When the Metropolitan Opera moved to Lincoln Center in 1966, its general manager worried in a memo that the company had so many subscribers that, for others, it was “impossible ever to buy a ticket.” As recently as the 1990s, the Met regularly took in more than 90 percent of its potential box-office income.
But its attendance has floundered lately. The Met celebrated the 50th anniversary of its enormous Lincoln Center home with a starry gala this month. But as its 2016-17 season ended, the challenge of filling a theater that holds 4,000 came into stark relief: The Met said it had taken in 67 percent of its potential box-office revenue this season — up only very slightly from last year, its worst showing ever.
In the 2015-16 season, the Met took in 66 percent of its potential capacity. Some numbers are improving a bit more substantially: The company’s paid attendance rate, which includes discounted tickets, rose to 75 percent this season from 72 percent in 2015-16. And the company said it attracted 80,000 new ticket buyers this season, up from 74,000 the year before. The challenge is turning those newcomers into regulars.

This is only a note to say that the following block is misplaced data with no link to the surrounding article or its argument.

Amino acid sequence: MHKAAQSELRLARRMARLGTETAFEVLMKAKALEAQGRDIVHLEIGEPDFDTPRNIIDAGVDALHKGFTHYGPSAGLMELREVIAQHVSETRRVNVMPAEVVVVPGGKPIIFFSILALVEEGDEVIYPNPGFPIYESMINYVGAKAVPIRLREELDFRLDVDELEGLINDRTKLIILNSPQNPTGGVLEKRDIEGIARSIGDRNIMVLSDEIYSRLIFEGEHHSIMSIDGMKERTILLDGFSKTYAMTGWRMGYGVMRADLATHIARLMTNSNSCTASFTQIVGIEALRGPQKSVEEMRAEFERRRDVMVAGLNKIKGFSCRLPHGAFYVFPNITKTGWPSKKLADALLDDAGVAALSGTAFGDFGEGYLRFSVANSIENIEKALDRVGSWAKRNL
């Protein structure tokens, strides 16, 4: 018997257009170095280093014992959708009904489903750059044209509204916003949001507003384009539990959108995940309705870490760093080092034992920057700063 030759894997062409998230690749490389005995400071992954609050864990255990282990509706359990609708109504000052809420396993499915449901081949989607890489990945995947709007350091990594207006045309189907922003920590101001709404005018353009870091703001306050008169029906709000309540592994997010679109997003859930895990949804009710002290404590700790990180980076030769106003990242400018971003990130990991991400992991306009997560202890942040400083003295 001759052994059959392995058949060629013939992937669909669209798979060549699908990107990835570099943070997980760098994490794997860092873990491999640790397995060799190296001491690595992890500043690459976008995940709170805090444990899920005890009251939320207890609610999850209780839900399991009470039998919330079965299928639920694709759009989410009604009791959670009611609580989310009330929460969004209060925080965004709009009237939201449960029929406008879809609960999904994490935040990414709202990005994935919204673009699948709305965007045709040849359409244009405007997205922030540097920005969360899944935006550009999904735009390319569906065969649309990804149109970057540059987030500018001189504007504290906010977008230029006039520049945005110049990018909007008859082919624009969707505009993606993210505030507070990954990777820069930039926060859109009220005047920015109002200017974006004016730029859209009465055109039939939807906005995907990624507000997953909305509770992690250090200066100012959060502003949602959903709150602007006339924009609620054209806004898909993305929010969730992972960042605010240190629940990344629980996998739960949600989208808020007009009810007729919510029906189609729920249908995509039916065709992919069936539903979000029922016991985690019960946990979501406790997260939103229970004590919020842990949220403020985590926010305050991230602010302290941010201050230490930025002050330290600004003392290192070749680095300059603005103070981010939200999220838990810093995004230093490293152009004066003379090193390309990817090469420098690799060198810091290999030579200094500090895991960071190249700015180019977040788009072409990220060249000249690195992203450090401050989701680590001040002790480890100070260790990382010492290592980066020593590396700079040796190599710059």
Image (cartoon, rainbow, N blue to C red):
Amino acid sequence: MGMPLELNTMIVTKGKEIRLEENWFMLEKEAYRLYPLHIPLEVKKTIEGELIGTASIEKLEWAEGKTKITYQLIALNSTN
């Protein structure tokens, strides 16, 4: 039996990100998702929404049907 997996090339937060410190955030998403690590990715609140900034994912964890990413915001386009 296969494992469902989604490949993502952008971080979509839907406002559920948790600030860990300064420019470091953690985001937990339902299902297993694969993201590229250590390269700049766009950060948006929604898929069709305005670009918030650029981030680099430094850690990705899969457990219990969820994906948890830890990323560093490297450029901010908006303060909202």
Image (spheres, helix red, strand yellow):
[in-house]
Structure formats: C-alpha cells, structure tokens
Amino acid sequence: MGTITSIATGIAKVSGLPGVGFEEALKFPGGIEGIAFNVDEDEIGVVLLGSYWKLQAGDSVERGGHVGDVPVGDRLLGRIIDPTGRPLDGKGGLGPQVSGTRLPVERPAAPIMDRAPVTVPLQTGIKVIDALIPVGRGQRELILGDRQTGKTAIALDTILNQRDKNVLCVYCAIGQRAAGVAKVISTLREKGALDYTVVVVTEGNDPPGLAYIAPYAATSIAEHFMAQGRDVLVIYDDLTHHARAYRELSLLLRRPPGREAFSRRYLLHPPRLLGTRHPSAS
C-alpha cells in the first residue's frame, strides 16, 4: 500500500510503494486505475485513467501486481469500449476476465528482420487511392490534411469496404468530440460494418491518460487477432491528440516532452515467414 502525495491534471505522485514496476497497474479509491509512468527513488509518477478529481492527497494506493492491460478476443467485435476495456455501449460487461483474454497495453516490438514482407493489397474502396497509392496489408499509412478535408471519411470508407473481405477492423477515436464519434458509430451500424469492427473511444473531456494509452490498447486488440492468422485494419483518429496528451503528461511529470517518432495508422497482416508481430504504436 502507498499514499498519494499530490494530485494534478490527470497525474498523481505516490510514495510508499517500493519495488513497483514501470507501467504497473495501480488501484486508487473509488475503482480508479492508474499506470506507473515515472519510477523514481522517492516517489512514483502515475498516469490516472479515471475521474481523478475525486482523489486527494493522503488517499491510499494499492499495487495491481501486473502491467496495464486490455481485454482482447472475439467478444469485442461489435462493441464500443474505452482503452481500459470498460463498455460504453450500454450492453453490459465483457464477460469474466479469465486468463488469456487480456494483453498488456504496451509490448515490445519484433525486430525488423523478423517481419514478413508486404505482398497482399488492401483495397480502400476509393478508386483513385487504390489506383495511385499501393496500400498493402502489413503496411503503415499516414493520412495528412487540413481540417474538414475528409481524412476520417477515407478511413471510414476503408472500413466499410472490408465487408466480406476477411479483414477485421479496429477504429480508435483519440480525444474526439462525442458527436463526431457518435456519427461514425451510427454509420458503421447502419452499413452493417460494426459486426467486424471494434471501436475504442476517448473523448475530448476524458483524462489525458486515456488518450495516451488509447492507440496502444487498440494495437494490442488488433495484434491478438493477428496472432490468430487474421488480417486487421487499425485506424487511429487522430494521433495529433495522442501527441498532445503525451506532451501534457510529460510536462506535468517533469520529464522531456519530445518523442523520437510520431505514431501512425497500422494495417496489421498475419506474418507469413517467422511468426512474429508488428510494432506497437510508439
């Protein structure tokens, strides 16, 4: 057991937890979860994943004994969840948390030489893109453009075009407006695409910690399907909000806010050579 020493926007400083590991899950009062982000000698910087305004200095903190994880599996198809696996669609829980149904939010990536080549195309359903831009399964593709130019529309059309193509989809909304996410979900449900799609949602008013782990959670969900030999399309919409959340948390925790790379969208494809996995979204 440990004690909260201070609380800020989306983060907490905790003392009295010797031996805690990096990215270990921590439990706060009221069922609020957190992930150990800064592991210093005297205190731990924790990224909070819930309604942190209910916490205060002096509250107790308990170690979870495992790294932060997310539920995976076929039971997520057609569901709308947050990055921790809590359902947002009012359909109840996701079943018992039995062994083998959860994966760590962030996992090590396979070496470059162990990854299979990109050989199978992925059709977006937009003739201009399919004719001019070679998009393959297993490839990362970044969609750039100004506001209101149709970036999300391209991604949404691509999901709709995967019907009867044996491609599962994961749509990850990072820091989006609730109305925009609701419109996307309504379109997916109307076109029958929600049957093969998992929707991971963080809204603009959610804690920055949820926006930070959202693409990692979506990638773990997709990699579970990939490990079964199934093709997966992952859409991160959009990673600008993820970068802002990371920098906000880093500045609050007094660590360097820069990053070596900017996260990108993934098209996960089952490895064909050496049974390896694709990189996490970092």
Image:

“It just shows how many tickets we have to sell to single-ticket buyers to make up for the declining subscription base,” Peter Gelb, the Met’s general manager, said in an interview. He said he certainly hoped that the box-office decline of recent seasons had bottomed out.
The company is grappling with the same challenge facing other American opera houses, ballet companies and orchestras: the steady decline of the old subscription model, in which many audience members could be counted on to buy tickets to multiple events each year. But the Met is the nation’s largest performing arts organization, with an annual budget of close to $300 million, so its fortunes are watched particularly closely as a barometer for cultural institutions nationwide.